Tuesday, December 16, 2008

Marcellus Shale: CNX Gas Record Well Results

CNX Gas has come out and reported their drilling update on the Marcellus Shale.

CNX Gas Corporation ( CXG), the leading E&P company in the Appalachian Basin, reported that its first horizontal Marcellus Shale well is now producing at a rate of 6.5 million cubic feet (MMcf) per day. This is a record daily production rate for any well in the company’s history and is believed to be among the highest reported by any Marcellus Shale producer. The well, located in Greene County, Pa., began flowing into the sales meter on October 2, with an initial production rate of 1.2 MMcf per day and 4,000 pounds of backpressure, as previously reported. The backpressure on the well had been gradually reduced since then, allowing daily production to increase to about 4 MMcf per day until Friday, when the installation of new surface equipment enabled the well to flow at the 6.5 MMcf per day rate, with pressure still being held at 2,640 pounds. Cumulative production from the well prior to last Friday was 106 MMcf.

Nicholas J. DeIuliis, president and chief executive officer, said, “This was a team effort from our engineers, operators, and support personnel, including the directional drillers from Scientific Drilling and the hydraulic fracturing team from BJ Services. I can’t speak highly enough of our Marcellus Shale team.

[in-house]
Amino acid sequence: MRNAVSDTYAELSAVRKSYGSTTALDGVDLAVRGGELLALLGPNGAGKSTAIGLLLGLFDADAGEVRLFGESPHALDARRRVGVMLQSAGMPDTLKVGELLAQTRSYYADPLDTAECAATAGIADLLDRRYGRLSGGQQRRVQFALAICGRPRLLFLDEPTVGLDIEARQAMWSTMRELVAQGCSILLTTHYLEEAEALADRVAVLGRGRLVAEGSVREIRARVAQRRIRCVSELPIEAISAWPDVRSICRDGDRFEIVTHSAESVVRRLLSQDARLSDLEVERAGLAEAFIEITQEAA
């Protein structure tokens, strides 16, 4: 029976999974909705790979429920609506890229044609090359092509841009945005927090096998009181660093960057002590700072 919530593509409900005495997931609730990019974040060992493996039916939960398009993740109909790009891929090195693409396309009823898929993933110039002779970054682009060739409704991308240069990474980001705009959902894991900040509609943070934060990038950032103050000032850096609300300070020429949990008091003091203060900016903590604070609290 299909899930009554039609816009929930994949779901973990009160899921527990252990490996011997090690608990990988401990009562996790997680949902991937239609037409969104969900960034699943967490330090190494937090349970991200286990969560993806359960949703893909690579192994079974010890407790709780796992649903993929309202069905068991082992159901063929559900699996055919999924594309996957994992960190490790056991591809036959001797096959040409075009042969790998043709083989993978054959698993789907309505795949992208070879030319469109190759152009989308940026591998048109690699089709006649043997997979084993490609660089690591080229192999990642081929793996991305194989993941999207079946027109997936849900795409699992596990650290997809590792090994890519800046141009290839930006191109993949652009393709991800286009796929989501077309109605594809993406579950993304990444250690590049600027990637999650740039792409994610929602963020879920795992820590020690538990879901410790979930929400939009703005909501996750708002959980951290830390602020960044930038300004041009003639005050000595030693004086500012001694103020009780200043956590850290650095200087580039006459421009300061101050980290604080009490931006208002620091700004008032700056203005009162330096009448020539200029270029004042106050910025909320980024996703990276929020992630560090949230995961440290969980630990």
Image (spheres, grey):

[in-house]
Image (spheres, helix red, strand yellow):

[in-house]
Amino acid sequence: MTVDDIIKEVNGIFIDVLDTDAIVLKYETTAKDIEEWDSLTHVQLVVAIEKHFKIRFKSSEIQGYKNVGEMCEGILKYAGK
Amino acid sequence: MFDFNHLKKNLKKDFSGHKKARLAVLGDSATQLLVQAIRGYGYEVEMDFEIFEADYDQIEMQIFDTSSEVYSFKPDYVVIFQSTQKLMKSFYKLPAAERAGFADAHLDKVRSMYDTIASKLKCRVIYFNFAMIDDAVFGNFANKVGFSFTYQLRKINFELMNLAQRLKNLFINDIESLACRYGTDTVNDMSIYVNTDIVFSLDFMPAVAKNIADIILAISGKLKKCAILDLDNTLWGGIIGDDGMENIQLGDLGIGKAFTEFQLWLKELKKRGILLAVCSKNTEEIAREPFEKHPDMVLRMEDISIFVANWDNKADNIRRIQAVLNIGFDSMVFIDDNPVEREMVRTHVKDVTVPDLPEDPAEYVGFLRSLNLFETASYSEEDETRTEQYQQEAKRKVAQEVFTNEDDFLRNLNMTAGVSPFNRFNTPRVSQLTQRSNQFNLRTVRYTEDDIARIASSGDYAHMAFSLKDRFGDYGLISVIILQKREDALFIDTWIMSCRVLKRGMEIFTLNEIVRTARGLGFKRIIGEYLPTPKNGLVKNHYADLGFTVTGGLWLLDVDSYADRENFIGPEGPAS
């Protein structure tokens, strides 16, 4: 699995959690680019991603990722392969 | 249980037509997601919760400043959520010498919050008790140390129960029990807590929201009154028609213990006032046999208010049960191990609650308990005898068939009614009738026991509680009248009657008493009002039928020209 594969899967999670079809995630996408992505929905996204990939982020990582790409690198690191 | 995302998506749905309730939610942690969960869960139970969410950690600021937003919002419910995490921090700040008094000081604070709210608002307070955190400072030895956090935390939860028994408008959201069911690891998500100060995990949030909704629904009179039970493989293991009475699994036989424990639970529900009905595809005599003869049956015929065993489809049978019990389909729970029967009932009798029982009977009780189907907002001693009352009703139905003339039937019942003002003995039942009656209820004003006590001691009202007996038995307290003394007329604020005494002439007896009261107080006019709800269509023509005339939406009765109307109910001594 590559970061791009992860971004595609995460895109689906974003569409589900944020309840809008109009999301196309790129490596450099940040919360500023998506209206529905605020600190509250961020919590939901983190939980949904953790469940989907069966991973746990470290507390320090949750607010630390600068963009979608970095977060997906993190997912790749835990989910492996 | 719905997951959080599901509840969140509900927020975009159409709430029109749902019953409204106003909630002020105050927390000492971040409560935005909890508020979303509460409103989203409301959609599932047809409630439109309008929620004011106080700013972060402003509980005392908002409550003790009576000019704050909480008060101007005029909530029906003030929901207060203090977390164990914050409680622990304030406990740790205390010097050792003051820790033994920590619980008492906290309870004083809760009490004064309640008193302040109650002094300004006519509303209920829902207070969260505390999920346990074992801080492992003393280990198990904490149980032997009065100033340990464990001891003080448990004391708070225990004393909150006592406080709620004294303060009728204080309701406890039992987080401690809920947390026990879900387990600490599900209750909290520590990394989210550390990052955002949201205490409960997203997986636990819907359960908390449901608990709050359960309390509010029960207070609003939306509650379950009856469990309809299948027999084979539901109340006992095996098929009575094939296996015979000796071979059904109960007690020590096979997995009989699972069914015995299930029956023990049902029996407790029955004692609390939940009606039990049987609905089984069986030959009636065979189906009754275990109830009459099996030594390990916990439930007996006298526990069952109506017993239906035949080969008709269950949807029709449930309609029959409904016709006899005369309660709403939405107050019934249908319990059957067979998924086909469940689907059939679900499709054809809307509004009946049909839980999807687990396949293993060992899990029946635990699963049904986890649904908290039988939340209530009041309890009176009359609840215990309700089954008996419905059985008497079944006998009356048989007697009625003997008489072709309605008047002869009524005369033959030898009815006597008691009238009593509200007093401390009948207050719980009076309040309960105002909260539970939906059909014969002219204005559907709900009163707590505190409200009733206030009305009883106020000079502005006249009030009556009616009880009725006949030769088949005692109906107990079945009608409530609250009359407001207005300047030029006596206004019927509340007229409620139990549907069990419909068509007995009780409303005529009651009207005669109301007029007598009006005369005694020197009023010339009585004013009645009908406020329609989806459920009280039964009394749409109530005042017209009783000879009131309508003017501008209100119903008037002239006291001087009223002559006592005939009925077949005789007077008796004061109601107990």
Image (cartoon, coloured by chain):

“To achieve this kind of success with our first horizontal Marcellus Shale well,” Mr. DeIuliis continued, “speaks volumes about the breadth of our horizontal drilling expertise. Many investors may not be aware, but CNX Gas had drilled 160 horizontal coalbed methane wells before drilling its first horizontal Marcellus Shale well.”

The well was drilled to a vertical depth of 8,140 feet in the Huntersville Chert, penetrating 83 vertical feet of Marcellus Shale. The well was logged then plugged back and a horizontal section of 3,395 feet was cut for a total measured depth of 10,738 feet. The well was completed with a five-stage slickwater fracture treatment using 3 million pounds of proppant.

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